THERE’S something a bit ‘fish in a barrel’ about writing an article on a player immediately after he’s put in an excellent performance.
That’s why this is likely to be at least the fifth or sixth piece you will have read on Fabinho since his colossal showing against Tottenham at Anfield on Sunday.
However, when you write primarily about a team that excels and wins almost every single week, it’s difficult to do anything else, particularly when it comes to Liverpool’s number three, who has been putting in article-worthy performances on a regular basis for a while now.
Fabinho was so outstanding in the 2-1 victory against Mauricio Pochettino’s struggling side, that Jürgen Klopp even coined a new nickname for the Brazilian, calling him his “Dyson in the centre”.
It wasn’t just hoovering up every loose ball, but Fabinho’s passing was as big an asset to his team on the day. The ball he played over the top for Jordan Henderson’s equaliser caused enough panic for Danny Rose to allow it to caress his face, before the skipper slammed in at The Kop end.
During the second half, he was almost Xabi Alonso-like as he rained chipped ball after chipped ball in behind the Spurs defence.
You could see how much winning the game meant to Fabinho too as Mohamed Salah scored his penalty to put The Reds ahead. He turned and let out a raw burst of elation, as if he was supposed to be stood in the middle of The Kop rather than the middle of the pitch.
According to a tweet from ESPN’s Melissa Reddy after the game, Fabinho made two key passes, as well as the most passes in the opposition half, four tackles, three interceptions and 11 ball recoveries.
It was a classic all-round midfield performance, particularly notable for the fact that you rarely get such things these days – as most midfielders are sculpted to specialise in the attacking bit, or the defensive bit.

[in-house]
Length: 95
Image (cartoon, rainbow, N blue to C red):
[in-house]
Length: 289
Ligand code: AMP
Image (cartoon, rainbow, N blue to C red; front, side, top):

While Fabinho is definitely a more “defensive bit” kind of guy, his ability to start attacks and create opportunities himself is also adding to the team’s arsenal.
Funnily enough, Fabinho actually made a relatively poor start to the Spurs game. He was one of the principal error-makers in the move that led to Harry Kane scoring in the first minute.
He failed to stop Moussa Sissoko’s run, which eventually led to Son Heung Min’s deflected shot hitting the crossbar and allowed Kane – who later complained about Liverpool getting all the luck – to luckily head the ball in on the rebound.
However, for the remaining 89 minutes, he was near faultless.
Fabinho, like all others, is not an entirely faultless player, though. He allowed N’Golo Kante to get away from him too easily before the Frenchman scored at Stamford Bridge last month, while a pass from Enock Mwepu and run from Takumi Minamino caught him off guard in the buildup to Erling Haaland’s equaliser in the seven-goal Champions League thriller against Salzburg at Anfield.
They are very rare occasions though, and he has shown excellent powers of recovery. He never seems to slip into actual bad form, just the odd moment here or there, which are inevitable when you play in a defensive midfield position. Especially in a team like Liverpool, where playing in centre midfield is harder than building Meccano.
It wasn’t always this way, of course. When Fabinho first arrived from AS Monaco, it took several months for him to show his true class. He was gently eased into the team while he learned the ropes at Melwood, then had ‘that’ performance at Arsenal that had the knee jerkers reaching for their keyboards.